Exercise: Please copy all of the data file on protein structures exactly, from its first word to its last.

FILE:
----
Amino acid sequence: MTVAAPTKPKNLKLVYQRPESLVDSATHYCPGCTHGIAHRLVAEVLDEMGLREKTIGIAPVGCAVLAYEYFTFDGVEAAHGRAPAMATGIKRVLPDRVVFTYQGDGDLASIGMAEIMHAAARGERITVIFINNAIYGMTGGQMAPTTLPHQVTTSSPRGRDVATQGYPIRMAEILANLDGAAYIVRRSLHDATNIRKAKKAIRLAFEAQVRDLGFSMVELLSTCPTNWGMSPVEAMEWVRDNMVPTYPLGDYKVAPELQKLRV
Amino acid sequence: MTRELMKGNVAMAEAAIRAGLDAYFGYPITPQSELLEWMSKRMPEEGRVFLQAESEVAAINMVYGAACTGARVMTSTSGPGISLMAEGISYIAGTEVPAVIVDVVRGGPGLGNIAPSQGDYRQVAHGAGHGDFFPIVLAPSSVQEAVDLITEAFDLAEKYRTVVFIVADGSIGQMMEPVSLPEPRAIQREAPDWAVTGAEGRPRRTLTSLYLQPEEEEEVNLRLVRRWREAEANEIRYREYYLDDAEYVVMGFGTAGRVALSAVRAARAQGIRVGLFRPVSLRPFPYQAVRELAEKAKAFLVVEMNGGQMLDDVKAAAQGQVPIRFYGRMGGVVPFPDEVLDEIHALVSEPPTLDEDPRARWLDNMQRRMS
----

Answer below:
Amino acid sequence: MTVAAPTKPKNLKLVYQRPESLVDSATHYCPGCTHGIAHRLVAEVLDEMGLREKTIGIAPVGCAVLAYEYFTFDGVEAAHGRAPAMATGIKRVLPDRVVFTYQGDGDLASIGMAEIMHAAARGERITVIFINNAIYGMTGGQMAPTTLPHQVTTSSPRGRDVATQGYPIRMAEILANLDGAAYIVRRSLHDATNIRKAKKAIRLAFEAQVRDLGFSMVELLSTCPTNWGMSPVEAMEWVRDNMVPTYPLGDYKVAPELQKLRV
Amino acid sequence: MTRELMKGNVAMAEAAIRAGLDAYFGYPITPQSELLEWMSKRMPEEGRVFLQAESEVAAINMVYGAACTGARVMTSTSGPGISLMAEGISYIAGTEVPAVIVDVVRGGPGLGNIAPSQGDYRQVAHGAGHGDFFPIVLAPSSVQEAVDLITEAFDLAEKYRTVVFIVADGSIGQMMEPVSLPEPRAIQREAPDWAVTGAEGRPRRTLTSLYLQPEEEEEVNLRLVRRWREAEANEIRYREYYLDDAEYVVMGFGTAGRVALSAVRAARAQGIRVGLFRPVSLRPFPYQAVRELAEKAKAFLVVEMNGGQMLDDVKAAAQGQVPIRFYGRMGGVVPFPDEVLDEIHALVSEPPTLDEDPRARWLDNMQRRMS